Two-Stage Exam: Introduction and Resources

Time to dive in! After thinking about them for a long time, this term I’m converting my exams into two-stage exams.

  • Step 1. I shorten the exam so it’s doable in about 2/3 of the testing time slot.
  • Step 2. Students write the exam individually.
  • Step 3. Students immediately — during the same class period — write the same exam again in groups of 4.
  • Step 4. Grade the exams as usual, but 90% of the score comes from individual, and 10% from team, with a guarantee that if you do better than the team score you get 100% weight for the individual (which very rarely happens, so I’m told).

Why am I making this change?

Four key reasons:

  1. Data. A growing pool of evidence is showing that team tests help students learn. See references below.
  2. Feedback. My classes are very large, so I struggle to give any personalized feedback at all, especially timely feedback. By re-doing the test immediately with peers, they get to immediately discuss the questions and come to the right answer (according to data).
  3. Exam improvement. Based on my evaluations, a small but consistent group of students find my exams very difficult and/or too long. Because I still only have 50 minute classes to work with, this change will force me to shorten my exams, culling and distilling to just the most effective questions that measure deep learning.
  4. Community. I value collaboration and building a supportive community. Research papers and instructors who have used this method report extra benefits beyond learning: students have more rapport with each other and are more willing to participate with their peers in class throughout the term. Also, Gillian Sandstrom and I have a research paper in press showing the more students talk in class, the more they feel like part of a community and interested in the class. So… back to data.

Interested? Here are some quick and effective resources for implementation:

  1. Videos by the CWSEI team depicting Two-Stage Exams in action.
  2. Jones, F., Gilley, B., Harris, S. (2013). Tips for successful two stage exams. The EOS-SEI Times, 6(9). Retrieved
  3. Jones, F., Gilley, B., Lane, E., Caulkins, J., & Harris, S. (2011). Using group exams in your classes. The EOS-SEI Times, 4(1). Retrieved
  4. PHAS-CWSEI Team. (2012). Two-stage (group) exams. CWSEI–PHYS & ASTRO Newsletter. Retrieved
  5. Brett Gilley, aka @ModernHydra


Dahlstrom, O. (2012). Learning during a collaborative final exam. Educational Research and Evaluation: An International Journal on Theory and Practice, 18, 321-332.

Eaton, T. T. (2009). Engaging students and evaluating learning progress using collaborative exams in introductory classes. Journal of Geoscience Education, 57, 113-120.

Gilley, B. H., & Clarkston, B. (2014). Collaborative testing: Evidence of learning in a controlled in-class study of undergraduate students. Journal of College Science Teaching, 43, 83-91.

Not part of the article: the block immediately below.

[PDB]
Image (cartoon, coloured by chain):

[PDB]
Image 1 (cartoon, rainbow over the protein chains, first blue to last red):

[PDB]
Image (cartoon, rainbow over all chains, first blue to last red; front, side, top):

• A particularly well-designed example.

Leight, H., Saunders, C., Calkins, R., & Withers, M. (2012). Collaborative testing improves performance but not content retention in a large-enrollment introductory biology class. CBE—Life Sciences Education, 11, 392-401.

  • The title might be alarming here… they showed no effect of the 2-stage exam on final exam performance (compared with material that had been previously tested only with individual tests). I’m ok with this. Not every study is going to find the same effect (particularly ones with some execution oddities like this one), yet this is still a “no-change” effect with no evidence that student learning decreases. Moreover, students still enjoyed the process and found it less stressful than the individual-only tests. No harm done, potential benefits.

Rieger, G. W., & Heiner, C. E. (2014). Examinations that support collaborative learning: The students’ perspective. Journal of College Science Teaching, 43, 41-47.

Roediger, III, H. L., & Marsh, E. J. (2005). The positive and negative consequences of multiple-choice testing. Journal of Experimental Psychology: Learning, Memory, & Cognition, 31, 1155-1159.

  • Two-stage tests might help to fight the negative consequences of MC tests: you remember what you answered (and thought was right), not what actually was right.

Sandstrom, G. M., & Rawn, C. D. (in press/2014). Embrace chattering students: They may be building community and interest in your class. Teaching of Psychology.

Zipp, J. F. (2007). Learning by exams: The impact of two-stage cooperative tests. Teaching Sociology, 35, 62-76. doi: 10.1177/0092055X0703500105




An Excellent TA…

For the past six years, I have asked Psychology’s Teaching Assistants to complete the sentence, “An excellent TA…” both before and after TA Development Day. While completing the program evaluation report for our 2013/2014 TA/TF programming, I pasted the data from almost 200 TAs into Wordle to produce these word clouds. The larger the word, the more frequently it was mentioned. I’m delighted to see student(s) are at the heart of what TAs consider to be excellence!*


The words students/student, course, material, learning, and available jump out to me.

An excellent TA Pretests 2008.2013



The words students, professional, organized, knowledgeable, approachable, learning, course, enthusiastic, and responsible jump out to me. Professional is a quality we try to emphasize very much on TA Day, and it seems like TAs are picking up on that theme.